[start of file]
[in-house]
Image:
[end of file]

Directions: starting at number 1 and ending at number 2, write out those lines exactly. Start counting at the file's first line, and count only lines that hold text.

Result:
[in-house]
Image: